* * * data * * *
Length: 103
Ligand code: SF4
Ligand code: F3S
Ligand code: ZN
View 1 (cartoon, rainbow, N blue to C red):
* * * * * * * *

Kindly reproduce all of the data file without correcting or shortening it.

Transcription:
Length: 103
Ligand code: SF4
Ligand code: F3S
Ligand code: ZN
View 1 (cartoon, rainbow, N blue to C red):